The United States on Tuesday vetoed a U.N. Security Council resolution drafted by Algeria that would have urged an "immediate" ceasefire in the Gaza Strip, claiming the measure would negatively affect talks between Israel and the Hamas militant group.

It was the fourth time for the United States to use its veto power on the key panel of the world body since the Oct. 7 attack against Israel by Hamas militants. Washington, which backs Israel in the conflict and favors direct negotiations, rejected three other resolutions that would have urged a pause of the conflict in Gaza late last year.

"Demanding an immediate, unconditional ceasefire without an agreement requiring Hamas to release the hostages will not bring about a durable peace," Linda Thomas-Greenfield, the U.S. ambassador to the United Nations, said during a session before the vote. "Instead, it could extend the fighting between Hamas and Israel."

U.S. Ambassador to the United Nations Linda Thomas-Greenfield speaks to the press on Feb. 20, 2024, in New York after the United States vetoed an Algerian draft resolution at the U.N. Security Council calling for an immediate humanitarian cease-fire in Gaza. (Anadolu Agency/Getty/Kyodo)

The resolution would have demanded an "immediate humanitarian ceasefire" between the parties at conflict in the Gaza Strip, as well as calling for the "immediate and unconditional release of all hostages."

"Wrong decisions today will have a cost on our region and our world tomorrow," said Amar Bendjama, the ambassador of Algeria to the United Nations, who put forward the resolution. "And this cost will be violence and instability," he said.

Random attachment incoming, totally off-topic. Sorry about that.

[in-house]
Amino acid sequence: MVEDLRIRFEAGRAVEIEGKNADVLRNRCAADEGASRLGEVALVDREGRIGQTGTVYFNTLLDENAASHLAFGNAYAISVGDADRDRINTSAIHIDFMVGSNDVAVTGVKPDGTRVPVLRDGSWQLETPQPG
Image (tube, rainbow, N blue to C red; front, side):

Thirteen of the 15 members of the council voted in favor, including Japan, while Britain abstained. Resolutions require the affirmative vote of at least nine members in order to pass and for none of the council's five permanent members to exercise its veto.

Since the start of the conflict, the council has endorsed two resolutions on the issue. The first called for "humanitarian pauses" in the fighting, and the second established the position of U.N. humanitarian aid coordinator for the Gaza Strip.

More than 29,000 Palestinians have been killed in the Gaza Strip since the fighting there began, according to the Hamas-controlled health ministry.

The United States has announced an alternative proposal that would call for a "temporary ceasefire as soon as practicable" for military operations in Gaza, conditioned on the release of all those held captive by the Hamas militant group.

The U.S. proposal also requests that a ground offensive into Gaza's southern Rafah district, where an estimated 1.5 million Palestinians are now living, not take place "under current circumstances."

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